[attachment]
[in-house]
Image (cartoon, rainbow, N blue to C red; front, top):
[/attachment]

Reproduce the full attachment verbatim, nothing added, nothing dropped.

[in-house]
Image (cartoon, rainbow, N blue to C red; front, top):